Spring 2020 Market Review for each asset class

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simplesauce
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Spring 2020 Market Review for each asset class

Post by simplesauce » Sat May 23, 2020 8:50 am

Below is a Spring 2020 Market Review for each asset class within stocks and bonds. (This is from the Rebalance investment committee which includes Charley Ellis, Dr. Burton Malkiel, and Jay Vivian.)

(Also at the bottom, it includes the changes they are making to portfolios due to current market conditions:)

Growth Asset Classes

Large U.S. Stocks. Stocks fell sharply in reaction to the ongoing COVID-19 crisis and the related shutdowns of economies in the U.S. and abroad. U.S. shares fell with record-breaking speed, down in weeks by percentages typically seen over months in past bear markets. Volatility measures spiked to an all-time high in mid-March while recorded volatility rivaled only Black Monday in 1987. The Federal Reserve and Congress immediately stepped into the breach with an interest rate drop, asset purchases, and direct financial aid to businesses and individuals, but the full impact will remain unclear until well after companies fully report first- and second-quarter earnings.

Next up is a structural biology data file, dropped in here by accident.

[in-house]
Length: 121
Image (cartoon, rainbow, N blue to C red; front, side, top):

Small Cap Stocks. Investors sold off small-cap stocks more aggressively than their large-cap brethren, likely on fears that small-firm business models would be more challenged by the incipient economic shutdown than large firms with more resources and, in some cases, cash-heavy balance sheets. The typical “flight to quality” response was in play as investors sought to avoid short-term pain by moving money into bonds and blue-chip equities. Volatility is part of the package with small-cap investing.

International Developed Stocks. Given that the COVID-19 crisis unfolded across parts of Europe ahead of its major impact in the United States, the impact of the shutdowns were felt among large foreign stocks more keenly in the first quarter. Business activity indices showed record declines as both the consumer and industry froze up over uncertainty; supply chains halted and demand fell. The European Central Bank and the Bank of England have promised relief is on the way. Already in a funk, Tokyo delayed its long-planned summer Olympic Games for a year. The games had been projected to boost the economy.

Emerging Market Stocks. The pullback from risk assets naturally extended more deeply into the relatively riskier developing-country equities markets. Brazil slashed its interest rate, as did Mexico, in response to the COVID-19 slowdown. Russian shares fell sharply as oil prices collapsed. An ongoing price war between Russia and Saudi Arabia had pushed down oil to punish their competition, then global demand cratered and supply flooded into container ships at sea.